The Chicago-based John D. and Catherine T. MacArthur Foundation announced today that it will award $100 million in a single grant to solve one social problem facing the United States.
The 100&Change initiative will impanel a slate of expert judges to review all “valid proposals,” which will be collected until October 3, 2016. Semi-finalists will be announced in December; finalists in the summer of 2017; and then a winner shortly thereafter.
The competition is restricted to nonprofit and for-profit entities; individuals and government agencies may not apply. Two organizations or more can go in on a proposal together, and MacArthur has spelled out the rules for that very likely scenario:
A single legal entity must have the legal responsibility and authority for the use of and reporting on any grant funds and must be able to exercise in fact and law direction, control and supervision of the proposed project and the grant funds.
Organizations proposing to work together must demonstrate through a fully-executed Memorandum of Understanding (MOU) or other similar agreement, executed by all parties, that all parties have agreed that a single eligible entity or organization will serve as the Grantee and will have direction, control, and supervision of the proposed project and management of all grant funds and be responsible for all reporting requirements. The fully-executed MOU or similar agreement will be required before the start of Stage 2.
Click here for more elaborate details on proposed collaborations. Competitors must register on the MacArthur Foundation’s website by Sept. 2, 2016.
In addition to forever changing the trajectory of some lucky organization, the process is sure to further the discussion about game-changer investments. Already this year, the Blue Meridian Partners, which was spun together by the Edna McConnell Clark Foundation (EMCF), announced plans to make $200 million investments in four organizations serving children and youth in the U.S.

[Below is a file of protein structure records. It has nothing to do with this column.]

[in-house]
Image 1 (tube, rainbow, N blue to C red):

“We believe that 100&Change can have a ripple effect beyond what a single $100 million grant enables,” said Cecilia Conrad, MacArthur’s managing director for the competition. “Clear evidence of impact can encourage other funders to invest in solvable problems more broadly, and applicants who do not receive the $100 million grant will still receive valuable feedback on and attention to their ideas.”
MacArthur is not a stranger to big commitments, general support, or the field of youth services. The foundation is in the process of winding down a long commitment to the juvenile justice field under its Models for Change Initiative, in which model states were chosen as incubators for state-level reforms. The foundation amassed a network of resource banks, advocacy groups and technical assistance providers to help export those reforms beyond the state borders.
MacArthur is probably best known for its annual fellows program, known as the “Genius Awards,” which bestows $625,000 in unrestricted money on people who are achieving and innovating in different lines of work and in the arts.